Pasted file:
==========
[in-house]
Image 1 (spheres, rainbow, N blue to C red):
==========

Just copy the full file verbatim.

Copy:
[in-house]
Image 1 (spheres, rainbow, N blue to C red):